Whatever may be said of his Gothic—and at the time in which he worked it was not likely to be good—it must be acknowledged that his addition to the Round Tower has increased the general dignity of the castle, and, outwardly at least, his other work, which is solid and fortress-like, is free from the faults of affectation usual at the period.
Down to 1827 400,000l. had been spent on the fabric under Wyatville's direction, and in 1830, when no less than 527,000l. had been voted by parliament in various grants, a select committee was appointed to inquire into the expense of completion. Before this committee Wyatville pleaded for 128,000l. more, and his request was supported. He carried out many minor works in the royal domain, such as lodges, a boat-house, a hermitage, and the ruins at Virginia Water, chiefly composed of fragments from Tripoli (for list of these works see Wyatville's Illustrations of Windsor Castle, ed. Henry Ashton, 2 vols. 1841).
Wyatville was architect or restorer of over a hundred buildings, of which the following original works may be mentioned in addition to those already chronicled: Lilleshall, Shropshire, for Lord Gower; Golden Grove, Caermarthen, for the Earl of Cawdor; Dinton, Wiltshire, for William Windham; Denford, Berkshire, for William Hallet; Hutton, Lincolnshire, for Sir Robert Heron; Hillfield Lodge, Hertfordshire, for the Earl of Clarendon; Trebursye, Cornwall, for the Hon. William Eliot; Banner Cross, Yorkshire, for General Murray; house at Wimborne, Dorset, for William Castleman; Claverton, Somerset, for John Vivian; Messrs. Scott's bank in Cavendish Square; and a temple in Kew Gardens. At the request of Queen Adelaide he designed the Schloss Altenstein-Altenberg, for her brother, the Duke of Saxe-Meiningen, from whom, in consideration of this and other designs, he received the Grand Cross of the Saxon Ernestine order.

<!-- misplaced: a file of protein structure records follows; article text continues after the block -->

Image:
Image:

He died, on 10 Feb. 1840, at his London residence, 50 (he previously lived at 49) Lower Brook Street, from a disease of the chest, and was buried on the 25th behind the altar of St. George's Chapel, Windsor.
By his wife, Sophia Powell, who predeceased him in 1810, he had two daughters, Emma and Augusta Sophia (d. 1825), and one son, George Geoffrey, who exhibited at the Royal Academy in 1832.
There is a portrait of Wyatville at Windsor, painted by Sir Thomas Lawrence at the request of George IV. Another, drawn by Sir Francis Chantrey, is in the National Portrait Gallery, London.[Architectural Publication Society's Dict. (in which is a long list of works); Neale's Seats of the Nobility; Tighe and Davis's Annals of Windsor Castle, pp. 599 et seq.; Gent. Mag. 1840, i. 545–9.]